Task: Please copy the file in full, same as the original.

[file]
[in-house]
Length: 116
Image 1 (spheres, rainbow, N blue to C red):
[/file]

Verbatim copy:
[in-house]
Length: 116
Image 1 (spheres, rainbow, N blue to C red):